Your writing voice

Loved this post on The Guardian blog on losing your voice to another writer. It can happen so easily. You find a writer you admire, devour their work and then find that everything you write is tainted with their writing style. The blog’s author quite rightly points out that reading Hemingway can be very dangerous indeed!

Sometimes writers consciously try and copy another writer’s style. Hunter S. Thompson said that in the early stages of his writing career he typed out The Great Gatsby and A Farewell To Arms to examine the styles and become familiar with the rhythms of literary giants Fitzgerald and Hemingway.

I have never decided to ape a certain writer’s style as I would be far too scared of losing my own in the process. I reckon one’s writing style should be as individual as one’s fingerprint. It should be the result of all your life experiences, feelings, tastes, preferences and opinions; all the things that make you unique.

Rejoice and Shout

Sorry for the late posting today. I’m running a bit slow in general after two nights out to celebrate my birthday.

Came across this trailer recently for Rejoice and Shout, a history of Gospel music. It features interviews with such legends as Smokey Robinson, Mavis Staples and the Staple Singers, Mahalia Jackson, Clara Ward, Sister Rosetta Tharpe, Andrae Crouch, The Blind Boys of Alabama, and many more. The film is directed by Don McGlynn who has helmed more than a dozen music documentaries on subjects such as jazz saxophonist Art Pepper, Howlin’ Wolf, Glen Miller and songwriter Harold Arlen. The trailer looks brilliant and I hope it gets a release date in Ireland soon.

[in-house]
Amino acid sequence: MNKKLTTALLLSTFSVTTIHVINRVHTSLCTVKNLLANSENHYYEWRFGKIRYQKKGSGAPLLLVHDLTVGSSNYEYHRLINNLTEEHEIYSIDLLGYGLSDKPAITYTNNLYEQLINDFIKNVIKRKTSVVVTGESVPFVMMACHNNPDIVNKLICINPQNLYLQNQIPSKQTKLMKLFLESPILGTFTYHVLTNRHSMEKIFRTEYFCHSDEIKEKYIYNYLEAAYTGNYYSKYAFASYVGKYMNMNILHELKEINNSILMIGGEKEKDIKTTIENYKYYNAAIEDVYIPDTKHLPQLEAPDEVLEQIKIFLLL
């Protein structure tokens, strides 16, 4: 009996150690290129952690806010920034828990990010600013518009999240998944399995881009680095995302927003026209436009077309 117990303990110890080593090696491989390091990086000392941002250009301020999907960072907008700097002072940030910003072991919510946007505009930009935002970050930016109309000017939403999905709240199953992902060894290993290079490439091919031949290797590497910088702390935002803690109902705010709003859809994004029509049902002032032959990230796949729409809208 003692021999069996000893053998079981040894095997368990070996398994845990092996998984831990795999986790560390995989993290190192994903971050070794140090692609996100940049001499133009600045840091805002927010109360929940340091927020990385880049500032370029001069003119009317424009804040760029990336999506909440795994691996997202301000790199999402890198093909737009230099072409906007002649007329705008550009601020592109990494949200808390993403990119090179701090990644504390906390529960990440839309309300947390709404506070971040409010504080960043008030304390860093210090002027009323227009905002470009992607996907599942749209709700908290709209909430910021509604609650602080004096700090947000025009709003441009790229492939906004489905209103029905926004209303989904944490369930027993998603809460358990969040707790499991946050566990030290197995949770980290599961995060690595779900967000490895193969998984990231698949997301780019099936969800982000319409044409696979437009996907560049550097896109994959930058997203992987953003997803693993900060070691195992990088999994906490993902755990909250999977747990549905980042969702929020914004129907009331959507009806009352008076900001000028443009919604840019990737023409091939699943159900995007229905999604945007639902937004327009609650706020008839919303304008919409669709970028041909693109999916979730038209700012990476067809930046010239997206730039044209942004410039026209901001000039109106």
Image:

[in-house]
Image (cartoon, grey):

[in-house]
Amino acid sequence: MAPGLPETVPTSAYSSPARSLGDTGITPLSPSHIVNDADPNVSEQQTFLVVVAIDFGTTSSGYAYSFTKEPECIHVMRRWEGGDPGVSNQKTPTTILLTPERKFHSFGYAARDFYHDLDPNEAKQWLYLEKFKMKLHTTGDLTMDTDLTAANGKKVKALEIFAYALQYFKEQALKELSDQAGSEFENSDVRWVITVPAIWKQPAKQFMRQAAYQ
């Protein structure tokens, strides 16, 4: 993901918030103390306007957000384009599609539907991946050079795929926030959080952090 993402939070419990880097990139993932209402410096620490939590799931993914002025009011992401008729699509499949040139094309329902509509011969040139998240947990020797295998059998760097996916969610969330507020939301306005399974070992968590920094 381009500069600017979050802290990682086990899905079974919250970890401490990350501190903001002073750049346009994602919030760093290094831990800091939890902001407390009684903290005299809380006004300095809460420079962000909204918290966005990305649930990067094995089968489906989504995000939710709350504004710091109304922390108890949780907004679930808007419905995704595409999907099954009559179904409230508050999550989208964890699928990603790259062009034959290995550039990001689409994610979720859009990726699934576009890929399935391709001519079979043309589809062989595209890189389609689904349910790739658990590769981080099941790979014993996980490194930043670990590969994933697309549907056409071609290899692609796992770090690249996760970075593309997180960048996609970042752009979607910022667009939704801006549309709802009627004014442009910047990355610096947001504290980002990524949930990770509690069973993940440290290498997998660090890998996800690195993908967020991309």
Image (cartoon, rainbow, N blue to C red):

The Ultimate Blow Out Birthday Wishlist

OK so it’s the most subtle hint of all time right?! Yes readers, my birthday is tomorrow. I decided to while away fifteen minutes imagining what I would self-gift if I came into an obscene amount of money in the next twenty four hours. The below is what happened.

Starting with the frock and going clockwise, let’s see how much I managed to spend shall we?!

Acne Pink Dance Dress – €300 from my-wardrobe.com

Balenciaga Silver Motorcross Pants – $4275 from Net-A-Porter USA

Alexander Wang Dakota Boots – €670 from colette.fr

Pauric Sweeney Silver Snakeskin Bag – €1009 from farfetch.com (and that’s a bargain at 50% off!)

L.A.M.B. Chloe Shoes –$260 from Zappos.com (again a bargain at 25% off! I am frugality personified.)

Christopher Kane Neon Lace Biker Jacket – €1180 from Net-A-Porter

Hermes Kelly Dog Bracelet – $460 from Hermes USA.

Grand total (not including delivery but counting for exchange rates) = €6643

Some things never change no matter how old I get. Champagne tastes and a beer income my friends.

Magical Thinking – Augusten Burroughs

I was looking through my computer for an old file and I came across some reviews I did for (unfortunately now defunct) online magazine Sigla in 2005. I thought I’d share one of them with you today. Hope you enjoy.

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Magical Thinking – Augusten Burroughs

Published by Atlantic Books